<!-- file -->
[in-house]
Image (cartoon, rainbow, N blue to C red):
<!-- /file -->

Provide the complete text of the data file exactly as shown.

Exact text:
[in-house]
Image (cartoon, rainbow, N blue to C red):